Last edited by Casey & Gina; 02-16-2016 at 18:23.

  9. #9

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    Quote Originally Posted by Casey & Gina View Post
    That isn't the meaning of the word I was using, rather, "to obey someone with power in a way that is seen as weak".

    I am not saying that the correct stance for the ATC wasn't always to follow the rules of the parks the AT passes through, but simply that they clearly didn't have much concern for it before recent events. The use of the term genuflect was referring to the quick reversal of stance, giving the impression that "we've always fervently had this stance", when in fact they did not. The superior thing to do, in my opinion, would have been to admit a mistake in the former lack of concern and more forward constructively, taking responsibility for their part in things.
    Ahh gotcha. Apologies for thinking it was going the other way. It has been a long simmering issue between BSP and ATC, which could have been handled better, as your last sentence sums up well.

  10. #10

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    Laurie Potteiger from ATC here. The blame for that magazine cover rests squarely on me.

    When I saw the picture I was just blown away by the power of the image. What I saw in the picture was a pure illustration of the joy and exuberance one feels at the end of a thru-hike.

    At that time, we did not have an awareness of alcohol being a problem in the park generally or among thru-hikers. I encouraged the editor to run the photo on the cover, and she did. I think we talked about the possible issues with the bottle of champagne in the picture, but at that time it didn't seem like too big deal because you couldn't really tell what the bottle was.

    It wasn't long before I realized just how poor my judgment was in using that photo, for a number of reasons that are apparent soon after, as they are even more so now. Even before the magazine was delivered, I called up Jean Hoekwater, Park Naturalist for Baxter State Park and the primary liaison for the A.T., and apologized. She was, as she always is, gracious.

    Since that day, we have tried to be as thoughtful as possible in our choice of photos in the magazine, and think about all the possible ramifications and unintended consequences that could result. I don't think you'll find another one with alcohol in it. Sometimes we have to nix the "best" photo in a collection because it represents something counter to Leave No Trace, local rules and regulations, sensibilities of families, etc. We now have more people reviewing the magazine before it goes to print.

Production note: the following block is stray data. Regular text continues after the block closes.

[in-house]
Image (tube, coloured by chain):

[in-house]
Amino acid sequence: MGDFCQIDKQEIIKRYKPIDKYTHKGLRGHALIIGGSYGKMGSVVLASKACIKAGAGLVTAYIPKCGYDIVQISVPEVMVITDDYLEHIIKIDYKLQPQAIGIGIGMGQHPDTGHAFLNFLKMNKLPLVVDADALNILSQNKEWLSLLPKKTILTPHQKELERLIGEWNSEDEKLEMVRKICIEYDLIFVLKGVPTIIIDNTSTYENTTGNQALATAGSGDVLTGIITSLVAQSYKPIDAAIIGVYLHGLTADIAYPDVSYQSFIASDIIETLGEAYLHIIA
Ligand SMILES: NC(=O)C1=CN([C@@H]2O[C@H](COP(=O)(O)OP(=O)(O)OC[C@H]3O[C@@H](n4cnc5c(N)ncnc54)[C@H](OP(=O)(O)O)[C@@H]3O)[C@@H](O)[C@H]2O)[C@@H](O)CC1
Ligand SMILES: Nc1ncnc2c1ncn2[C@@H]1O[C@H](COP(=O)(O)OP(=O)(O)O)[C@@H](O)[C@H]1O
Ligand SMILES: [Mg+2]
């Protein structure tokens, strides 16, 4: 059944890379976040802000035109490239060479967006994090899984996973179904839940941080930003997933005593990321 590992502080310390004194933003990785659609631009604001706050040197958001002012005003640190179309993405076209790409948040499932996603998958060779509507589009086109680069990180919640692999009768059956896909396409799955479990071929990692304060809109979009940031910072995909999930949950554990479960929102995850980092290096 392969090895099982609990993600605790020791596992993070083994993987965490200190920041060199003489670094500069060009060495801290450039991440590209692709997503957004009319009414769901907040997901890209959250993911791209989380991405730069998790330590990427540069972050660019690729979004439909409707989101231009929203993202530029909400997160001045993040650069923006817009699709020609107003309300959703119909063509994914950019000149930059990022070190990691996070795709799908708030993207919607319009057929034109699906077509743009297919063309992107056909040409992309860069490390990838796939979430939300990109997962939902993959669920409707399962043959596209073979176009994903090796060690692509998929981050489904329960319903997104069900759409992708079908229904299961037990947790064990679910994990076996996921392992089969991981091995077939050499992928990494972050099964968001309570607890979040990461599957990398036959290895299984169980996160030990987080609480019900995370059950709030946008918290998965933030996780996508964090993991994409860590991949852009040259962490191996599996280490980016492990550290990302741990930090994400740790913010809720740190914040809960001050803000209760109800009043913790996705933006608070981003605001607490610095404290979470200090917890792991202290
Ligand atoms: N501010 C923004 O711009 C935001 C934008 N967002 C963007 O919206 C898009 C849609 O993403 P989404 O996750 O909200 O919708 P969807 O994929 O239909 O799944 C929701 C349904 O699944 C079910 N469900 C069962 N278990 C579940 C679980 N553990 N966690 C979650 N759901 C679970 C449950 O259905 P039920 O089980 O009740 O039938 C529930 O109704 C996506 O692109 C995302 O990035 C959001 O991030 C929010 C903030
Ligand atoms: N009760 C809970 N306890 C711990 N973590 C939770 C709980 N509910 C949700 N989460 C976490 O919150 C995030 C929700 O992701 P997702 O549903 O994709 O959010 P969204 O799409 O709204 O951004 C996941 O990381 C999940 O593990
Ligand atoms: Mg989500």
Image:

ATC has generally had a positive relationship with Baxter State Park for many years. We've worked to support the park in numerous ways, including funding the ridgerunner whose job is primarily to educate thru-hikers about unique resources, rules, and regulations in the park (until the park recently said they would prefer the position to be a Baxter employee). And of course, they have worked hard to accommodate A.T. hikers in the park, who do not have to follow all the requirements that other park visitors are required to follow.

    We have worked together to solve problems before. Several years ago a problem cropped up with A.T. hikers that they asked our help with. A pattern developed that more and more thru-hikers arrived at Katahdin after October 15 and created problems for the park staff. When the park asked for help to address that, we worked hard to get the message out to advise hikers to plan to complete their hikes well before October 15, and encouraging hikers to flip-flop if they were running behind schedule. Within two years of asking for our help, the average of number of thru-hikers summiting after October 15 went from about 15% to 3-4%.

    As you all know, we have recently been through a challenging period recently, and the magnitude of the challenges is far greater than the previous illustration. But Baxter State Park and ATC and a variety of partners (including the Maine A.T. Club, ALDHA, and Friends of Baxter State Park) are working very hard to find solutions together that respect the park's mission and still allows A.T. hikers to enjoy Baxter and Katahdin as the magnificent northern terminus.

  11. #11
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    Quote Originally Posted by Green Lantern View Post